Interested in exercise and seeing the aftermath of the remarkably warm storm on Saturday, my partner and I opted for a short, low-angle ski tour above Alta. What we found was a remarkably stout and slick rain crust between above about 9200 feet to where we opted to quit climbing at 9500 feet.
This is the type of rain crust that I recall from my youth in upstate New York. Essentially impenetrable by skis. In this case, it was about 1 cm thick, with the snow below that still setting up.
Meanwhile, it was graupeling and at the time it was 0 to 8 cm deep, with the variability due to wind transport on the very slick surface.
We opted to head back down, skiing a low angle line. Certainly what I thought was a very low angle line. However, as my partner descended, the graupel began to sluff. I shouted to him and he skied into the pucker trees on the right without incident. I then watched the slough slowly slide downhill and eventually descend into Toledo Gully.
Here's the upper portion of the slough. I measured the slope angle at this location at 20 degrees. I didn't skin back up to check the starting location, but visually, I don't think it could have been steeper.
As the slide continued downhill, it entrained snow above and within Toledo Gulch, a narrow terrain trap that bisects the skin track to Cardiff Pass. The photos below were taken by a solo skier we encountered on our way down, posted to the Utah Avalanche Center site.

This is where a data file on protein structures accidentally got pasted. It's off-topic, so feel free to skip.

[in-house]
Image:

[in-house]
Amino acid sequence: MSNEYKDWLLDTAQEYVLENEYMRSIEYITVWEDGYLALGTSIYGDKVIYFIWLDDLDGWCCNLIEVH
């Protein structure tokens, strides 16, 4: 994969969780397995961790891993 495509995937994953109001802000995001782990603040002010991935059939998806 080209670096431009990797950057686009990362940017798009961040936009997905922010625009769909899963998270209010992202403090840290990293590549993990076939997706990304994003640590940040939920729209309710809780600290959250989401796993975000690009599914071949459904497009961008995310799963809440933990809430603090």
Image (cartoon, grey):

Several observations posted to the Utah Avalanche Center site yesterday evening describe highly unusual avalanche conditions for the Wasatch Range, with slides initiated on remarkably low-angle slopes and running unusually long distances. One experienced observed commented that "I have never seen snow slide so easily on low angle slopes."
A few years ago, Bruce Tremper wrote a blog for the Utah Avalanche Center that included a graph based on Swiss data showing the slope steepness for 1000 human triggered backcountry avalanches in which the slope angle was measured. As can be seen below, human-triggered slides on slopes below 30 degrees comprise 3% of the sample (Note: This is the maximum angle of the bed surface that is 10x10 meters in size).
The graph above is likely a curve fit to the data, which yields a smooth graph sometimes described as a bell curve, "Gaussian", or normal distribution. On the left and right sides of such a graph are the so called tails of the distribution. These are events that are rare and comprise a very small percentage of human-triggered avalanches. Avalanches on slopes less than 25 degrees are well out the long skinny tail of the distribution. In other words, rare.
That distribution is, however, merely a statistical summary of past human-triggered avalanches. Mother Nature does not care about statistics. She cares about physics. Yesterday we initiated an avalanche on a low-angle slope. Unusual, but clearly possible based on the conditions that were present yesterday.
It is hard for humans to deal with outliers along the tails of the distribution. Most of our experiences occur within the fat portion of the distribution. This is true not only with regards to avalanches, but many other hazards we encounter in life. It is very common to hear survivors of natural disasters saying things like "we've never seen a <insert phenomenon here> like this before."
Yesterday was a valuable lesson in outlier conditions outside my range of experience. Sharing stories about experiences like this is one way to build up a knowledge base that goes beyond individual experience. Stay safe out there.